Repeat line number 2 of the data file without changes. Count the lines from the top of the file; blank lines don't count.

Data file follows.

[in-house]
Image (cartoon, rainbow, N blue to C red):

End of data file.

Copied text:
Image (cartoon, rainbow, N blue to C red):